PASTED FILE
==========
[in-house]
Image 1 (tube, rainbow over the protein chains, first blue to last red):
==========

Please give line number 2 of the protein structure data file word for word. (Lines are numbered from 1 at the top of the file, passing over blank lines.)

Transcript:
Image 1 (tube, rainbow over the protein chains, first blue to last red):